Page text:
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dc.contributor.authorKiyimba, Nikki*
dc.contributor.authorO’Reilly, Michelle*
dc.date.accessioned2018-03-09T15:08:23Z
dc.date.available2018-03-09T15:08:23Z
dc.date.issued2015-04-20
dc.identifier.citationKiyimba, N., & O’Reilly, M. (2015). The risk of secondary traumatic stress in the qualitative transcription process: a research note. Qualitative Research, 16(4), 468-476.en
dc.identifier.doi10.1177/1468794115577013
dc.identifier.urihttp://hdl.handle.net/10034/620913
dc.descriptionKiyimba, N. & O'Reilly, M., The risk of secondary traumatic stress in the qualitative transcription process: a research note, Qualitative Research (16:4) pp. 468-476. Copyright © Nikki Kiyimba & Michelle O'Reilly, 2015. Reprinted by permission of SAGE Publications.en
dc.description.abstractIt is recognised that transcribing is not merely a neutral and mechanical process, but is active and requires careful engagement with the qualitative data. Whether the researcher transcribes their own data or employs professional transcriptionists the process requires repeated listening to participants’ personal narratives. This repetition has a cumulative effect on the transcriptionist and hearing the participants’ personal narratives of a sensitive or distressing nature, can have an emotional impact. However, this potential emotional impact is often not something which is accounted for in the planning stages of research. In this article we critically discuss the importance of considering the effects on transcriptionists who engage with qualitative data.
dc.language.isoenen
dc.publisherSAGEen
dc.relation.urlhttp://journals.sagepub.com/doi/10.1177/1468794115577013en
dc.rights.urihttp://creativecommons.org/licenses/by/4.0/en
dc.subjecttranscriptionen
dc.subjectqualitative researchen
dc.subjectsecondary traumatic stressen
dc.titleThe risk of secondary traumatic stress in the qualitative transcription process: A research note.en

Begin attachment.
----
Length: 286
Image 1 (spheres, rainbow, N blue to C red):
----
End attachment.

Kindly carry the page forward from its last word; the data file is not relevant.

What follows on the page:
dc.typeArticleen
dc.identifier.eissn1741-3109
dc.contributor.departmentUniversity of Chester; University of Leicesteren
dc.identifier.journalQualitative Researchen
dc.date.accepted2015-02-01
or.grant.openaccessYesen
rioxxterms.funderunfundeden
rioxxterms.identifier.projectunfundeden
rioxxterms.versionAMen
rioxxterms.licenseref.startdate2016-04-20
html.description.abstractIt is recognised that transcribing is not merely a neutral and mechanical process, but is active and requires careful engagement with the qualitative data. Whether the researcher transcribes their own data or employs professional transcriptionists the process requires repeated listening to participants’ personal narratives. This repetition has a cumulative effect on the transcriptionist and hearing the participants’ personal narratives of a sensitive or distressing nature, can have an emotional impact. However, this potential emotional impact is often not something which is accounted for in the planning stages of research. In this article we critically discuss the importance of considering the effects on transcriptionists who engage with qualitative data.


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